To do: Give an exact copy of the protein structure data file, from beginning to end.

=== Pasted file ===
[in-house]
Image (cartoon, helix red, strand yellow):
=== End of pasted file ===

[in-house]
Image (cartoon, helix red, strand yellow):